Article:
AS I SEE THINGS: Bold economic policies
How often have we heard this aphorism: “When the going gets tough, the tough must get going”? Irrespective of how frequently one might have heard that axiom, one thing is clear: this adage remains as relevant today as it was several decades ago, despite the context in which it is applied.
With those extraordinarily wise words of wisdom in mind and taking into account the existing, difficult financial and economic state of affairs in Barbados and several other Caribbean countries, it is high time that as citizens of our respective nations we stand up and demand tough action from our leaders if only to save our economies and societies from further decay.
Undeniably, in a world characterized by increasing globalization, greater initiatives aimed at promoting trade liberalization, radical shifts in economic paradigms, and the rapidly changing nature of geopolitics; small, open economies like those in the Caribbean would continue to find it more and more challenging to maintain living standards and overall quality of life for their citizens unless the creation and implementation of bold economic policies become the order of the day.
What this means at the practical level is that governments, businesses, trade unions, and other important social partners would all have to lead by example by making tough decisions for the good of the country even if a high price has to be paid at the personal level.
Indeed, that position is absolutely not a theoretical one. You see, according to a recent article carried by the Economist, the present prime minister of Japan was forced to increase a controversial consumption tax from five per cent to eight per cent, effective October 1, 2013. The fascinating aspect of this move is that a similar increase in the tax was implemented in 1997, which resulted not only in the economy heading into recession but also in the downfall of the then prime minister and his political party.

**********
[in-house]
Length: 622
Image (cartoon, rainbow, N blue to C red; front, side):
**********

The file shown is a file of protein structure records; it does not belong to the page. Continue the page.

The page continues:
Why, then, did the current prime minister even contemplate such a bold economic measure? The answer to that question, according to the Economist, is: “Japan’s gross public debt stands close to 245 per cent of GDP. For those at home and abroad who fear the country could one day take the Greek road to bankruptcy, the 7.5 trillion Japanese yen (BDS$150.8 billion) a year of additional revenue is a small but crucial first step.
And Mr Abe is likely to take a second step, raising the tax to ten per cent, in 2015.”
Clearly, despite its massive asset base, Japan does have one of the highest debt-to-GDP ratios anywhere in the world. The servicing of this huge debt is clearly proving to be a colossal task that puts a tremendous amount of strain on the government’s revenues.
Hence, the government decided that in the interest of the economy and society, bold tax policies had to be implemented to raise additional revenue in order to address the vexing issue of its extremely high public debt and that it has done without fear or favour!
Unmistakably, the intervention of the prime minister could potentially cause him and his party the government whenever the next general election is called in Japan.
Therefore, has he done the right thing? Absolutely, because “when the going gets tough, the tough must get going” and country must always come before self!
• Brian M. Francis, PhD, is a lecturer in the Department of Economics at the University of the West Indies Cave Hill Campus.